Q: What sort of damage does the human body suffer in the vacuum of space?  How long can one survive and what will happen to the person who does survive?  My scenario involves an astronaut whose faceplate blows out, but not before he depressurizes his suit sufficiently to prevent immediate death.

A: First of all the victim would not explode as was the case in the movies such as Total Recall. But some very bad things do happen internally and they happen very quickly. Whether he depressurizes somewhat beforehand or not, his survival once he reached zero pressure (vacuum) would likely be measured in seconds.

Space decompression sickness is similar to that of a scuba diver that rises too rapidly after a prolonged exposure to the pressures of the deep. In this case the diver is going from excess pressure to normal pressure. In space the victim goes from normal pressure to zero pressure. Same thing physiologically.

In diving, the problem is that the excess pressure causes excess nitrogen (N) to dissolve in the blood. This N will come back out of the blood as the pressure is reduced. This should happen slowly to prevent decompression sickness or the bends. But, if the diver rises rapidly, the pressure drops rapidly, and the N comes out of the blood quickly, forming N bubbles in the blood stream. This is similar to popping the top on a soft drink. Here the release of the pressure allows the carbon dioxide (CO2), which was placed into the liquid under pressure, to come out of the liquid and form bubbles. We call this carbonization. A good thing for your soft drink, but not so good for your brain and heart and muscles.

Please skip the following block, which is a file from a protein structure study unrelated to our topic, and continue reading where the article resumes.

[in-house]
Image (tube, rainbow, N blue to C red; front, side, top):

In space decompression basically the same thing happens. Apparently the culprit is water and not N in this situation, however. With the sudden release of pressure, the water in the blood “boils,” becoming a gas, and bubbles form in the system. I should point out that in chemical and physical terms boiling simply means the changing of a liquid to a gas. This can be accomplished by adding heat (boiling water on a stove) or by lowering the ambient pressure (popping open a soft drink). In the case of space decompression it isn’t that the blood gets hot, but rather that the pressure that keeps the water in its liquid state is removed and the water changes to its gaseous state, or boils. Doesn’t sound very pleasant does it?